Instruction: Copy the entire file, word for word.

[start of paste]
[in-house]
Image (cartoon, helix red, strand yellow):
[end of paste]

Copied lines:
[in-house]
Image (cartoon, helix red, strand yellow):